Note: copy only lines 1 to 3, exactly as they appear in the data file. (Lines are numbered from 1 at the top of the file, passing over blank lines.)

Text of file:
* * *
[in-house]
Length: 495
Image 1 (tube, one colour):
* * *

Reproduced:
[in-house]
Length: 495
Image 1 (tube, one colour):